Measuring LNB Supply Voltages

Satellite TV tuners are wonderful things, when they work. When they don’t, it might be a faulty LNB Supply chip - or it could be mis-programmed in your driver. How do you debug that?

All satellite tuners use LNB Supply and Voltage Control chips to output 13/18V on to the coax cable, which in turn connects to your out-door satellite dish. Various manufacturers make these supply chips, here’s one example (and datasheet) from Alegro.

The 13 or 18V supply instructs the LNB unit, mounted at the focal point in front of your dish, to downshift and output particular bands of RF spectrum, so that your TV tuner can receive these radio frequencies. LNBs shift very high frequencies received from satellites in Ku band (11-13GHz) down in frequency into the L-Band (1-1.5GHz). These L-Band frequencies are much easier for set-top-boxes and PC add-in tuners to digest.

As a device driver developer, you’ll need to be able to measure the voltage properly in order to debug the hardware. Here’s a simple hardware trick that helps, it works with every satellite TV tuner on the market today.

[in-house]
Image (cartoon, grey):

Take a standard female to male f-type connector, break off one of the outer shields, so that you can see the inner core of the connector. Create a large hole by working one piece of the outer shield back and forth, use a pair of needle-nose pliers. It will eventually break off.

The hole should easily be big enough to connect to your TV tuner as well as leaving enough room to connect a probe. You can now measure the LNB Supply chip output, which should be 13 or 18V.

… and if your meter shows zero volts, perhaps you’ve identified your driver tuning bug - or finally confirmed its faulty hardware.

Keep the modified connector somewhere safe, it will come in handy again.